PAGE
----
Fair wellAug 6, 2017 By Randy Tucker, Staff Writer
It's called the Fremont County fair but a team roper made the long trip from Honolulu, Hawaii, this year and the rodeo lineup was dotted with entries from Tennessee, Texas, Arizona and California.
Along with entries from the Cowboy State there were numerous Montana, Idaho, South Dakota and Colorado cowboys and cowgirls as well.
In the pulling venue there were only a handful of competitors from Wyoming with many contestants driving over a thousand miles just to compete here in Fremont County.
The kids showing animals in 4-H, FFA and the open divisions were all Fremont County residents, and it takes something like the fair to visualize the size of the county.
Entries from Riverton, Lander and Shoshoni dominated the agricultural portion of the fair, but Crowheart, Hudson and Dubois were also well represented.
Kaelyn Frable came from mountains of South Pass to show her goats in this year's fair, and the Lander FFA member placed third in showmanship.
Casey and Opal, her two goats, seemed to enjoy the hustle and bustle of the fair.
On a map the distance between Jeffrey City, Sweetwater Station and South Pass doesn't look like much but if you've driven the "road" that often becomes little more than a two-track trail between these small communities, you realized just how huge the county is.
Laura Dockery and Braxton Crofts both live on their parents' and grandparents' ranches along Graham Ranch Road that stretches from just east of the bridge over the Sweetwater River then back onto the highway a few miles west of Jeffrey City. The duo were the only entries from the once-prosperous mining town.
The ranch rodeo is growing in popularity, and many fair goers indicated it was their favorite event since all of the cowboys and cowgirls hail from Fremont County.
Numerous young men and women who have competed in football, basketball, wrestling, volleyball and track in another athletic venue were in the arena for the ranch rodeo.
Many of the teams used a more experienced hand as the roper in their group but the "Young Guns" (these kids much watch the same westerns) had the youngest competitor, 14-year soon to be Shoshoni freshman Lana Jordan on the business end of the rope. As a national junior high breakaway champion, she was a great choice.
Watching Levi Bain, Casey Albright and the Ruby clan from Crowheart was a trip down memory lane for small-school football fans as well.
Speaking of young guns, Levi Coyle of Shoshoni pulled off a move equal to any athletic play of the entire weekend. During the truck portion of the truck/tractor pull Friday night one of the trucks pulled away with a borrowed receiver hitch still attached. Coyle sprinted behind the truck, ran along behind, pulled the catch pin and then the main pin, removed the receiver hitch, and ran back with all three in hand. No sweat when you're a quick high school senior.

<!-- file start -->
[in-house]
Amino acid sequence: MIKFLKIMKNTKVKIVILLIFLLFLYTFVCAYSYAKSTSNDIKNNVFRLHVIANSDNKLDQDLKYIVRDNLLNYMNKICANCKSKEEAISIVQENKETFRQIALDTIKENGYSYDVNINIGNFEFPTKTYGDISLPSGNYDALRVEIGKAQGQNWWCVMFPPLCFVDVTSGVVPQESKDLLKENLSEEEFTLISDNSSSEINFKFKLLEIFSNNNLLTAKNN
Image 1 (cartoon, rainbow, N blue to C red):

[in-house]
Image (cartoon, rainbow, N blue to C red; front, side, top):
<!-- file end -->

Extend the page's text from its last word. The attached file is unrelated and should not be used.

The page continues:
Among the most fun events were the canine agility and wiener dog races. In an era of dwindling revenues these two free events were by far the most entertaining that didn't require buying a ticket.
The fair would be impossible without the willing help of hundreds of volunteers and committee members that spend the entire year planning the multitude of events that constitute the fair.
Companies kick in as well. As an example, Brown Co. of Country Acres Road just north of Riverton donated the use of a brand new New Holland tractor to smooth the arena after each pull was made Friday night. That same tractor is scheduled for the same work at the Wyoming State Fair in Douglas later this month.
Longtime fair goes note that the entries were down this year. Hogs, which usually dominate youth show entries, were down about 50 head from previous years. Cattle and dairy cow entries have diminished over the years while sheep and goats have remained relatively stable.
Small animals like dogs, cats, rabbits, chickens, ducks and turkeys are on the rise.
While the number of entries may have dropped a bit in line with the depressed Fremont County economy, the quality of the entries remain the best or nearly the best produced in all of Wyoming.
As auctioneers Warren and Ty Thompson worked the livestock sale on Saturday they were quick to note when a youngster's animal was born and raised in Fremont County.
Nationwide it has become a fact of in many fairs that the animals come from thousands of miles away. Fremont County hasn't been struck as heavily as many regions of the state with this trend, but it is present here as well.
If you were to go to the Riverton Livestock Auction on any given Tuesday you would see thousands of largely black cattle going through the sale barn. Angus is in, thanks to a highly effective marketing plan that has many people believing that Angus is somehow different genetically from other cattle breeds.
While black is in on the beef market, it wasn't true with the animals entered in the fair this year. Limousin, Charolais, Maine Anjou, hereford and a surprising number of Shorthorns, the west's original cattle breed, were on display. Holsteins hold the dairy world like Angus cattle do the beef industry but Guernsey's and Brown Swiss were at the fair this year too.
The Saturday livestock auction is always a good measure of economic activity in Fremont County. With hogs selling for more than $2,000, lambs above $1,000 and multiple steers bringing $6,000 or more the county looks to be on the cusp of an economic comeback. Businesses other than banks and implement companies added to the bidding this year, a good indicator for the county.